With a rapidly changing global economy and an economic crisis in the headlines, researchers, policymakers and citizens have been asking how best to help American workers build and maintain economic security for themselves and their families. In September, the West Coast Poverty Center (WCPC) and the Nancy Bell Evans Center on Nonprofits and Philanthropy (NBEC) brought leading national policy scholars and prominent policy practitioners to the University of Washington to consider this question and to generate new policies that will promote economic security for today’s working families. The conference, entitled "Old Assumptions, New Realities: Economic Security for Working Families in the 21st Century" was based on the recognition that the bulk of our current social, health, and employment benefit policy structures, created 70 years ago through the Social Security Act (SSA), no longer respond to today’s challenges and realities.
The original provisions of the SSA did little to protect working-age adults and their children. Over the years, federal, state and local governments have addressed this and other gaps in the initial SSA provisions by developing a large and largely uncoordinated array of programs targeted to specific populations and needs - from health and nutritional assistance for low-income pregnant women to public and publicly subsidized housing, means-tested child care subsidies, public preschool services, specialized social and mental health services, employment preparation and vocational training programs, and many more. At the conference, prominent scholars, government officials, and representatives from the public and private sector engaged each other on cross-cutting issues that affect working-aged individuals and their families, and how the current patchwork of services can be brought up to date to meet their needs. The conference began with a public keynote presentation by Jacob Hacker, Professor of Political Science at the University of California Berkeley, on Working Families at Risk: The New Economic Insecurity and What Can Be Done About it. Conference panelists discussed the creation of new labor market opportunities, how to bridge the skills divide, asset-building for low-income families, economic security in the global context, the role of nonprofit organizations in service delivery, and new models and government roles in policy development for working families.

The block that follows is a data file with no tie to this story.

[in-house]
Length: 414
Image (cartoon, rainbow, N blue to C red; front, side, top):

During each session, leading scholars presented analyses and proposals for new policy, with response and discussion from both academic and policy practitioner discussants. WCPC scholars are now compiling the conference papers and commentaries into an edited volume. The Center will also disseminate the conference findings through a series of policy briefs for a wide audience. The conference was organized by Marcia K. Meyers, Director of the West Coast Poverty Center and Professor of Social Work and Public Affairs; Steven Rathgeb Smith, Director of the Nancy Bell Evans Center on Nonprofits and Philanthropy and Nancy Bell Evans Professor of Public Affairs; Robert Plotnick, Professor of Public Affairs; and Jennifer Romich, Assistant Professor of Social Work.
Core funding for the West Coast Poverty Center is provided by the U.S. Department of Health and Human Services, Office of the Assistant Secretary for Planning and Evaluation. The conference also received generous support from the Seattle Foundation and the Russell Sage Foundation.